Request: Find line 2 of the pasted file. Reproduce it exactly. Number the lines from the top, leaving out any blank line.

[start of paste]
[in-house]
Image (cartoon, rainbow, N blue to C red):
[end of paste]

Image (cartoon, rainbow, N blue to C red):